Improve Your Musicality with Audiation

Being able to analyze music aurally and process everything you hear at once is a very important skill for a musician. Learning to hear more parts at once and comprehend what is happening in each of those parts simultaneously can be done with what’s called “audiation”.

This mental listening technique will help you to internalize all the parts of a piece of music when reading or hearing music for the first time instead of just focusing on what we tend to naturally hear. As a result, all of your existing musical skills are enhanced and your instinctive musicality increases.

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What is “Audiation”?

In a nutshell: audiation is to sound what visualization is to images. In the past century, Hungarian composer and music theorist Zoltán Kodály created a revolutionary teaching approach based on using “inner hearing” to aid his student’s ability to learn music. Audiation is a technique derived from the Kodály method and is a relatively new way of learning to internalize and hear music inside your head.

Just as an artist visualizes the entire image before they draw it, audiation is used to train your ears to grasp in your head all of the parts of the music at once. With practice, you will eventually be able to relate the musical concepts you hear to the visual representations of the music because your brain will begin to relate the two.


Audiation Improves Your Musicality

The use of audiation applies to nearly all aspects of musical discipline and its application can make you a more versatile musician. For example if you are struggling with rhythm, practicing the auditiation of rhythm strengthens your internal sense of the pulse because you learn to identify patterns of strong beats. If you are challenged by sight-reading or sight-singing, imagining the score notation when you hear music in your head helps you transfer what you hear to what you see.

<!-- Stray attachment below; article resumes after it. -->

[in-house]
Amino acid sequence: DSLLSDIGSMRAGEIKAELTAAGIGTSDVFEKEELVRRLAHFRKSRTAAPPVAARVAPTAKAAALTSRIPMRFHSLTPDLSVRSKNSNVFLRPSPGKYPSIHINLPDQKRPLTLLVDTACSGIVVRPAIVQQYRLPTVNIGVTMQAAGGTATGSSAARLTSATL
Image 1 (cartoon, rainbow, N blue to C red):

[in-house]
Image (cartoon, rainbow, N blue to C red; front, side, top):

In an ensemble, all musicians are important. If you are focused on your part alone you may not be able to play “in the pocket”. Ensemble performers have a better understanding of tempo, blend, and the balance of dynamics when they learn to listen to all the parts.

Music producers, too, are aided by audiation, as it helps in hearing the layers of mixing, compression and other details of the recording.

And what do you do if there is simply no written score from which to play? This is actually fairly common in real-world musical life. Practicing audiation will help you to learn to play by ear when no notation is available.

Practice Outside of Your Normal Routine

As musicians, you are likely often listening to music anyway so that’s a good time to actively listen to all the parts of a piece of music and apply audiation. Our brains naturally latch onto things such as melody and strong beats when we listen to music so when listening to recordings of your favorite bands try focusing on each of the parts. For example, listen to the bass and drums, too, and not just the vocals or lead guitar.

If you are apart from your instrument or if you are a singer and can’t sing for six hours a day, audiation means you can still practice! You can sing the music in your head or work on fingerings while listening to music. Practicing in your head as you listen helps memorization, too, if your music must be memorized.

If you start to practice audiation, when you see a pattern of notes on the page, your brain will instinctively be able to imagine how they should sound and vice-versa. All it takes is a little practice and imagination. As a musician you are already a creative person, so imagining will come easily to you!

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